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The Future of Delivery Companies and Delivery Drivers: What’s Next for Delivery Services?

By Ben Reiland February 5, 2019

Categories: Anywhere Workforce Industry Trends Vehicle Reimbursement

How will delivery companies and delivery-dependent businesses be impacted by changes in home delivery demands?

Delivery is an evolving landscape. Pizza and Chinese food are no longer the go-to delivery options as a wide array of apps and services provide options from all walks of cuisine—and beyond. What does this mean for companies that depend on their own drivers to make deliveries? And what does it mean for the future of delivery in general?

Promoting the Brand

Many restaurants are hesitant to yield their delivery services to delivery companies, because, well, it’s free advertising. Trying not to play favorites here, you remember Pizza Planet from Toy Story? You don’t need to have seen the movie more than once to remember the rocket ship on top of an otherwise unrecognizable vehicle. Maybe it’s the reminder of their delivery services that drives you to pick up the phone. Maybe it’s something more subliminal. Either way, companies like people knowing their pizza has arrived the moment the car pulls up with its rocket ship or what have you.

An Issue of Trust

Over a third of employers are unsure of delivery companies with their own platforms. Where does the mistrust come from? Let’s use the example of Mark. Mark is a 17-year-old who submitted a resume and sat through a job interview. He drives his mom’s 1995 Toyota Camry and has been working with Pizza Planet for a few months now. Does he like his music loud? You bet. Does he take his turns a little too tight? Probably. But Mark has been a reliable delivery guy since he started, and the day Mark isn’t? The day he gets in an accident or his vehicle gets commandeered by a posse of loyal toys, Mark will face the repercussions.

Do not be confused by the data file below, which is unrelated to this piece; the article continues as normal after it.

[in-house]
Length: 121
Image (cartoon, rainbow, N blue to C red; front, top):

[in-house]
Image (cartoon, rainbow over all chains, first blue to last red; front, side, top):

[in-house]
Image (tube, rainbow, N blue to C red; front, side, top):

When employers outsource their deliveries to delivery companies with third-party apps, their resume is maybe the number of star-ratings they have. Their interview is the food handoff. There’s no guarantee they’ll be seeing that driver again. As for accountability? If the food is late or just doesn’t show up? The employer can leave a bad review for the driver, but they’re also likely to receive a bad review for the negative experience they felt was out of their hands to begin with.

Delivering Payment

Unfortunately for employers who are wary of third-party delivery services, they may face issues with how they reimburse their drivers. See, Mark has this job so he can start saving money for college. Not only that, but he is still paying his mother for that Camry. And he’s noticed something in the short amount of time he’s worked for Pizza Planet. He’s spending more on gas than he’s receiving from the company to pay for it. He’s brought it up to his manager, but the manager assures him his tips will more than make up for the loose change he’s losing out on.

This is when Mark, with the help of his mother, takes lawsuit action against Pizza Planet. And the company ends up in a class-action lawsuit. Now they must pay out money owed and fines as decided by the presiding judge.

What does this mean for businesses that rely on delivery?

The third-party delivery services are growing, and still have room to do so. But in-house delivery doesn’t appear to be going away any time soon. So what does the future hold? It looks like a combination of both options, hopefully with better reimbursements for all drivers. If you work for a company that employs or is affected by delivery services, check out our State of Delivery Report. It spells out everything outlined here and a good deal more.

Read the Report

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